A children’s hockey coach who was ostracized as a sex offender, deprived of work, beaten up in jail and placed in protective custody asked the Supreme Court of Canada on Thursday to consider whether taking secret photos in a dressing room always amounts to the sex crime of voyeurism.
The Criminal Code’s section on voyeurism allows for a conviction even where the offender is not alleged to have had a sexual purpose and no one was naked or having sex. The key in such cases is whether nudity can be expected in the place where the secret recording occurred.
The 38 photos taken by B.C. coach Randy Downes of two boys, approximately 12 and 14, involved little or no nudity. Some featured bare torsos, and in two blurred photographs, taken from inches away, the boys were in their underwear.
“The place is not a constant,” Donald Sorochan, a lawyer for Mr. Downes, told the Supreme Court. “It’s not a toilet. It’s not a shower. It’s a dressing room.”
Teenagers may be expected to shower, but children may show up in full hockey gear.
A judge convicted Mr. Downes of voyeurism in 2019, saying nudity is to be reasonably expected in dressing rooms. But the British Columbia Court of Appeal ordered a new trial this year, by a count of 2-1, saying the judge had not given enough consideration to whether nudity was to be expected at the time Mr. Downes took the photos. The two boys testified at trial they did not shower or change their underwear after a game.
Justice Sheilah Martin, an author and lecturer on sexual-assault law, asked Micah Rankin, a lawyer for the B.C. attorney-general, whether someone who photographs children holding medals would be guilty of voyeurism if one child did not consent to the photograph.
Mr. Rankin replied that if the photos were taken surreptitiously, the photographer would be committing the sex crime of voyeurism.
Justice Russell Brown asked whether the voyeurism law protects privacy where the sexual integrity of the protected individuals is not at stake. Mr. Rankin agreed that it does.
Mr. Sorochan said the key was that nudity was not expected in the dressing room at the time Mr. Downes took the photos, and Parliament could not have intended to criminalize conduct that did not have a sexual aspect.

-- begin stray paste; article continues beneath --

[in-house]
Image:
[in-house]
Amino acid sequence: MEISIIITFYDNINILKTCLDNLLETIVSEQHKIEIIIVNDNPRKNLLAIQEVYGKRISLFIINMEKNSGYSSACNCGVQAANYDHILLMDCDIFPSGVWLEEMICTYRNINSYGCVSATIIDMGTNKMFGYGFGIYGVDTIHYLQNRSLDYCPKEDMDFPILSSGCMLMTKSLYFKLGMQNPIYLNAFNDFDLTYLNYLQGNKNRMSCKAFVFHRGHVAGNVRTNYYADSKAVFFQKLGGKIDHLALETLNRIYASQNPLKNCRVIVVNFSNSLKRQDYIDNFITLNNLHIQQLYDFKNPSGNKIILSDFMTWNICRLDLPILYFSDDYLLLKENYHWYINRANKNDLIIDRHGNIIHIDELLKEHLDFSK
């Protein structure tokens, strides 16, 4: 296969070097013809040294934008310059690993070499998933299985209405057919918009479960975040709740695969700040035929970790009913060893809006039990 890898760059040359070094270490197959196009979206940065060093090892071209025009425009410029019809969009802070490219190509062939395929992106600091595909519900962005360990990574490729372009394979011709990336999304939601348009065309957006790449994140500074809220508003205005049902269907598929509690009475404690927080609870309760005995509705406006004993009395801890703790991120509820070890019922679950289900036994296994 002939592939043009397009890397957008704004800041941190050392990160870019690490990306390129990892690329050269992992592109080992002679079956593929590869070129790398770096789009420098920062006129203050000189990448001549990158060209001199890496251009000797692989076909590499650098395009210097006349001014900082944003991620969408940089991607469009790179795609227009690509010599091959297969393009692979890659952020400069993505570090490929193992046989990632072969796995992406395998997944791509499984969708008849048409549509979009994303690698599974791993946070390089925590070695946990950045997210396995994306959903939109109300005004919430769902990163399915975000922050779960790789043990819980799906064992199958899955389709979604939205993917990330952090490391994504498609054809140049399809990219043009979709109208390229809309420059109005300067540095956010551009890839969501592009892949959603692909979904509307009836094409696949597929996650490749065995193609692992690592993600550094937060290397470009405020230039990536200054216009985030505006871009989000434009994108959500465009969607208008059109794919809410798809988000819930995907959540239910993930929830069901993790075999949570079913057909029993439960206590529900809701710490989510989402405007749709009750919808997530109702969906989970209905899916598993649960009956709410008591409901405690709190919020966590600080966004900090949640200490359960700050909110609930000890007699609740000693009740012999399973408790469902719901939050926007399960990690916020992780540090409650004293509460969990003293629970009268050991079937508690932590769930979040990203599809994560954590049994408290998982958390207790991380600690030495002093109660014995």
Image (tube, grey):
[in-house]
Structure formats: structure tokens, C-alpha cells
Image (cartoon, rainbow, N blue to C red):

“Why would Parliament want to have people who … did not do anything of a sexual nature found to have committed a sexual offence?” he asked the court.
He pointed to the consequences of a sexual-offence conviction: While Mr. Downes, who was about 60, was in custody awaiting trial, TV cameras had come to his home and filmed his 80-year-old mother. When he was out on bail and eating at a McDonald’s, three police cars showed up because the restaurant had a children’s play area. Work he had as a hockey referee and a baseball umpire dried up, leaving him to collect bottles and walk his mother’s dog for payment, B.C. Supreme Court Justice Heather MacNaughton said when she sentenced him. He received six months probation, on top of the nearly seven months he had spent in custody while awaiting trial.
The RCMP held a news conference to announce the charges, which initially included five counts of child pornography; a judge at a preliminary hearing found nothing pornographic in the photos and threw out those charges.
“This man has been branded a sex offender” by the RCMP, Mr. Sorochan told the Supreme Court. “And the general public is still treating him as a sex offender. … If it doesn’t have something sexual why is it in the sexual offences section? Why does it have a five-year maximum penalty?”
University of Ottawa law professor Jane Bailey, a lawyer for the Samuelson-Glushko Canadian Internet Policy and Public Interest Clinic, which intervened in the case, said that protection against voyeurism is a gender-equality issue. Justice Malcolm Rowe balked, saying equality is not a catch-all for every issue.
“Equality seems to have become like the Oracle at Delphi: When you have a difficult problem for which there is no answer you pose the question to the Oracle, and Section 15 [the equality section of the Charter of Rights and Freedoms] yields the answer,” he said. (The oracle was a mythical being of ancient Greece with all the answers.)
Justice Rowe said he has expressed a concern in previous cases that “ill-mannered, uncouth, socially unacceptable behaviour is properly dealt with by social means, as opposed to criminal law. … We shouldn’t wander in our interpretation of what Parliament has adopted into becoming morally prudish.”
The Supreme Court reserved its decision.